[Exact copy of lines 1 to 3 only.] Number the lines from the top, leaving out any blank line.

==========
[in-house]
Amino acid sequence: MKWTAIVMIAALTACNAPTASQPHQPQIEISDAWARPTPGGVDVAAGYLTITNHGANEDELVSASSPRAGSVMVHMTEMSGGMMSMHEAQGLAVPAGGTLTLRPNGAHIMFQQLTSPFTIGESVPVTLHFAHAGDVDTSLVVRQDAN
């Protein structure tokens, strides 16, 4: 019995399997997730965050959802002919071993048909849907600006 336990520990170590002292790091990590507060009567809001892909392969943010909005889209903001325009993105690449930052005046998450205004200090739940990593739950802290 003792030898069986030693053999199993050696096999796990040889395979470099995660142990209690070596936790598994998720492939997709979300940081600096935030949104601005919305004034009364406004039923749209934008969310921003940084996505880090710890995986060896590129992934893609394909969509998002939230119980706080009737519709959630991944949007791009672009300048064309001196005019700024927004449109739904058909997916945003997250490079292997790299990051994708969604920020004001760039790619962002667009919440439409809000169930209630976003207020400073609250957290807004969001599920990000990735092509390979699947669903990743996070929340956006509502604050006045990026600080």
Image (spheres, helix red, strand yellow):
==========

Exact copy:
[in-house]
Amino acid sequence: MKWTAIVMIAALTACNAPTASQPHQPQIEISDAWARPTPGGVDVAAGYLTITNHGANEDELVSASSPRAGSVMVHMTEMSGGMMSMHEAQGLAVPAGGTLTLRPNGAHIMFQQLTSPFTIGESVPVTLHFAHAGDVDTSLVVRQDAN
């Protein structure tokens, strides 16, 4: 019995399997997730965050959802002919071993048909849907600006 336990520990170590002292790091990590507060009567809001892909392969943010909005889209903001325009993105690449930052005046998450205004200090739940990593739950802290 003792030898069986030693053999199993050696096999796990040889395979470099995660142990209690070596936790598994998720492939997709979300940081600096935030949104601005919305004034009364406004039923749209934008969310921003940084996505880090710890995986060896590129992934893609394909969509998002939230119980706080009737519709959630991944949007791009672009300048064309001196005019700024927004449109739904058909997916945003997250490079292997790299990051994708969604920020004001760039790619962002667009919440439409809000169930209630976003207020400073609250957290807004969001599920990000990735092509390979699947669903990743996070929340956006509502604050006045990026600080």